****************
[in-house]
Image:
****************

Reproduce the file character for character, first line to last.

[in-house]
Image: